Tullow reported revenues of $872m in the first half, a touch below previous guidance, with gross profits of $527m, a touch above. Technical problems encountered while drilling on the TEN Ghanaian oil field have led Tullow to reduce production guidance for the full year.
The board announced an interim dividend of 2.35 cents per share.
The shares were broadly flat following the announcement.
More technical problems in Tullow's Ghanaian oil fields. It's been a recurring theme, and given that between them the TEN and Jubilee fields account for around 70% of Tullow's production is far from ideal. Unfortunately that's one of the risks with smaller oil companies. The fortunes of key assets will, to a great extent, determine share price performance.
Still, for those prepared to take a longer term view we think there's a lot of good things going on at Tullow. Management are confident the group can both pay a dividend and shift the debt that's been the monkey on Tullow's back.
The group's locked in prices of over $56 a barrel for a significant portion of its anticipated production in the next two years, and the rest should fetch more given the market price is some way above that at the moment. On top of that production is set to rise, and operating costs have dropped to just $10 per barrel.
But there is such a thing as over-confidence.
Already the tailwind of a rising oil price is flagging and the aforementioned technical problems mean production isn't rising as fast as expected. Combine that with borrowing that's still a little higher than we'd like and the company's still uncomfortably exposed to a reversal in oil prices.
Tullow also needs to replace existing reserves. The group probably spent less on exploration and development than it would like over the last few years, while it fought to keep its head above water. So we're not surprised to see the group increasing investment in new projects.
Progress in the East African portfolio, which includes development projects in Kenya and Uganda, has been mixed. While the Kenya project is going well - with a final investment decision expected next year, it's less positive in Uganda. An agreement with the Ugandan government on a farm-down deal with French and Chinese partners has stalled and Tullow is considering other options to sell its stake.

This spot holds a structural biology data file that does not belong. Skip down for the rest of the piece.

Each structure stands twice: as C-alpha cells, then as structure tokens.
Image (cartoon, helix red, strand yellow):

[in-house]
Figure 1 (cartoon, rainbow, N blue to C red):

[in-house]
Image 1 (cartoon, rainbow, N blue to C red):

Given the struggle in Uganda, all eyes are turning to the millions of dollars' worth of exploration assets in Guyana, Argentina, Cote d'Ivoire and Peru. These early stage assets are speculative but have the potential to generate significant upside - and Tullow has a reassuringly good track record with the drill bit.
Nonetheless, Ghana will remain the driving force behind profits for some years yet, with cash flows from the West African fields underpinning a target to pay at least $100m a year in dividends. That suggests shareholders could be in line for a 3.5% yield going forwards, perhaps more if all goes well. Investors should remember there are no guarantees though, especially with the group's success closely tied to the ups and downs of the oil price.
Half Year Results
First half production averaged 89,000 barrels of oil equivalent per day (boepd), including production-equivalent insurance payments. Full year production is now expected to average 89,000-93,000 boepd, down from 90,000-98,000 expected in June.
Revenue was 3.6% below the same period last year, reflecting a lower average oil price. However Tullow also reduced underlying cash operating costs per barrel, down 17.4%, with operating profits up 29.3% as a result to $388m.
Capital expenditure during the half hit $248m (from $145m last year), with free cash flow of $181m.
The group finished the half with net debt of $2.9bn, down 4.3% on last year. However, the improvement in profitability means gearing fell from 2 times cash profits to 1.8.
The development of the group's Kenyan oil assets is said to be progressing well, with terms signed with the Kenyan government and a final investment decision targeted for the second half of 2020. The Uganda farm down continues to make limited progress.
Tullow has begun a three well exploration campaign in Guyana, and expects to have results from the first well in early August. The group has acquired new licenses in Argentina, Peru and Namibia during the half, with additional drilling opportunities in Peru and Suriname.
Unless otherwise stated estimates, including prospective yields, are a consensus of analyst forecasts provided by Thomson Reuters. These estimates are not a reliable indicator of future performance. Yields are variable and not guaranteed. Investments rise and fall in value so investors could make a loss.
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